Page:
via Imago

via Imago

Following the rather dull and boring race at Richmond, which saw RFK driver Chris Buescher take his 3rd Cup Series win, NASCAR legends like Dale Earnhardt Jr and Denny Hamlin sparked a conversation on social media, raising questions about the state of short-track competition.

As fans weighed in on the matter, the concerns over the declining quality of short-track racing became apparent.

Dale Earnhardt Jr has proposed an interesting solution for the Richmond Raceway, one that NASCAR has used in the past to sort the racing ability issues on other short tracks. Amidst the growing concerns, NASCAR is also getting ready to introduce certain measures to help improve racing in the future.


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Dale Earnhardt Jr’s solution for Richmond and the cryptic response from Denny Hamlin

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Dale Earnhardt Jr, a respected voice in the NASCAR community, took to Twitter to suggest a potential fix for the lackluster short-track racing. His tweet advocated the use of resin in the higher lanes at Richmond Raceway. A tactic that has proven effective in improving other tracks’ racing quality. However, JGR’s driver, Denny Hamlin’s reply, carried a note of skepticism, hinting at underlying issues beyond the need for a quick band-aid solution.

Following the race, Dale Jr tweeted, “Richmond may need some resin in the higher lanes. I’ve seen it help some other tracks.”

Denny Hamlin replied to his tweet in a cryptic fashion, “Sounds like a band-aid for something else wrong?”

Dale Jr was quick to respond that the solutions for the ‘something else wrong’, may not be on the horizon. “The fix for something else ain’t coming anytime soon. Won’t hurt to try it till then.”

This back-and-forth between Dale Jr and Hamlin attracted fans to chime in with their opinions on the matter. Here’s how the fans reacted.

Chase Briscoe, the driver of the #14 for Stewart-Haas Racing, said, “I’m all for it.”

While someone fan said, “Short tracks suck Jr ! Softer tires and some resin should help”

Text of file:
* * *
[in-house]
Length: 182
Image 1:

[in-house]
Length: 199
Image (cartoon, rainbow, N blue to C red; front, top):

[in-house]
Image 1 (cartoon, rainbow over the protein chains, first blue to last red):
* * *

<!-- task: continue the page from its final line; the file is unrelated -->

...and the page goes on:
“Boring as hell, not the same Richmond race,” another fan supported.

One fan called it one of the most boring races. “Something needs to happen! Probably going back to night racing. I’m a huge NASCAR fan but that was the most boring Richmond race I can remember! I actually fell asleep watching, would rather watch golf!”

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The desire for change is evident, with fans highlighting the urgency for NASCAR to address the issues impacting the short-track racing experience.

What is NASCAR doing to address short-track racing issues?


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NASCAR has been diligently working to address the challenges faced on short tracks due to aerodynamic and drivetrain issues with the Next Gen car. The introduction of the 2022 Next Gen car brought a more balanced racing product on intermediate tracks, but it also inadvertently impacted short-track racing, leading to less overtaking and intense battles for position.


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To tackle this issue, NASCAR’s COO, Steve O’Donnell, revealed the organization’s commitment to developing solutions in the wind tunnel to enhance the short-track racing experience. By fine-tuning the aerodynamics and drivetrain, NASCAR aims to create opportunities for drivers to capitalize on competitors’ mistakes and foster more competitive and thrilling racing on short tracks. The upcoming testing at Richmond will serve as a crucial phase in evaluating these adjustments and determining their impact on the racing product.

Speaking to Corey Lajoie on the Stacking Pennies podcast last year, Steve O’Donnell said, “So if you’ve got a good car and you’re out there and you’re able to pass guys, you should be able to do that. And so we’ve looked at what’s happening in short tracks. You look at the brakes on the road courses, they’re so good. So this car is different for sure. But it presents some challenges on both short tracks and road courses. So we’re looking at a lot of things around the aero. Certainly looking at some things around the tires, but you know that’s going to be our big focus in the offseason is both road courses and short tracks for sure.”


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With Dale Jr suggesting quick fixes until some concrete solutions are developed, and Hamlin questioning such fixes, fans have made their voice heard. Share your thoughts on what else NASCAR could do to elevate the excitement of short tracks in the future.

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